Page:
Whitney Young High School’s tennis courts get facelift, new name

The revamped courts are named after 1985 alumna and former pro tennis player Katrina Adams, who attended a ribbon-cutting at the school Tuesday.

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Whitney Young Magnet High School coach and faculty members, along with Whitney Young alumna and tennis player Katrina Adams cut the ribbon to the school’s renovated tennis courts.

From left: Whitney Young Magnet High School Principal Joyce Kenner, Whitney Young tennis coach Carl Abram, former Ald. Bob Fioretti, former pro tennis player and Whitney Young alumna Katrina Adams and Ald. Walter Burnett Jr. (5th) cut the ribbon Tuesday on the school’s newly renovated Katrina Adams Tennis Courts.

Pat Nabong/Sun-Times

Bella Mendez-Robles, an incoming junior at Whitney Young Magnet High School on the Near West Side, was happy to see her school’s newly renovated tennis courts open for play.

“I’m on the tennis team and it’s great that I’m able to play tennis with everyone at these home courts, practice my skills and make new friendships here,” the 16-year-old said.

Whitney Young’s tennis courts, now named in honor of 1985 alum and former professional tennis player Katrina Adams, opened for community use on Tuesday at a ribbon-cutting ceremony where Adams herself was present.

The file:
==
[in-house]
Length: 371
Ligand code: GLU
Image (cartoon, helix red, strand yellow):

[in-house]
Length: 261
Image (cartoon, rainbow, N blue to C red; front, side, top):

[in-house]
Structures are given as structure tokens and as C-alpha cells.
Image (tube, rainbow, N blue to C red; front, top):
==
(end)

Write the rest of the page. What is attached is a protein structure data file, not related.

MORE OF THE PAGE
“My journey in tennis was solidified on these courts,” said Adams, who after retiring as a player went on to serve as the president and CEO of the United States Tennis Association. “I hope I can continue to inspire generations to come, and every time a new student or community player steps on the court and asks, ‘Who was Katrina Adams?’ may my story and legacy inspire them to own their arena as I have always walked in confidence in owning my arena.”

The renovations, which cost $240,000, began in March and took three months to complete. The courts got a complete resurfacing and new lines, among other improvements.

Carl Abram, Whitney Young’s boys tennis coach, said the renovations were greatly needed because the old courts had many potholes.

“The years have worn them out for sure,” Abram said.

The courts, located at 110 S. Laflin St., can be booked online by community members for a fee of $15 per hour, which will be used to pay for continued upkeep.

Principal Joyce Kenner said getting the courts renovated was part of a 10-year effort to refresh the school’s athletic facilities.

After the ribbon-cutting, members of the community and Whitney Young students took to the courts and started playing. Adams even joined in and participated in a few games with the players.

“I feel honored,” Mendez-Robles said about being able to hit shots with the former pro.

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